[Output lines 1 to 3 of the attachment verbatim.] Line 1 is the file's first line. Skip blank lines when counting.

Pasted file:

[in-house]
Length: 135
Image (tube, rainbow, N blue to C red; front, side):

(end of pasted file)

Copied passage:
[in-house]
Length: 135
Image (tube, rainbow, N blue to C red; front, side):